The French diplomat comments came during a discussion on the possibility of increasing European defense spending at a Washington Institute for Near East Policy forum.

“You have to make sure you have a military that is able to conduct various missions, including increasingly domestic missions, unfortunately, the better you are equipped to face the threat both individually and collectively, which is why I referred to that 2 percent threshold,” Decottignies stated.

Out of the 22 EU member states that are part of NATO, only Great Britain, Poland, Greece and Estonia meet the minimum national defense spending requirement of 2 percent of GDP.

Following the terrorist attacks in France in November 2015 and Belgium earlier this week, there has been increased scrutiny to Europe’s security architecture and preparedness to defend against terrorist threats.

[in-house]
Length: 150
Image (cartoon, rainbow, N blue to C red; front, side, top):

Decottignies argued that boosting defense budgets among EU members will improve overall capabilities that can be used within NATO, within the EU, or on a national basis.

He also noted that increasingly, national militaries are deployed domestically, as is the case in France and Belgium over the past 18 months, to assist and support the police in trying to secure the country.

The United States provides the bulk of NATO financing, with a national defense budget of $585 billion.

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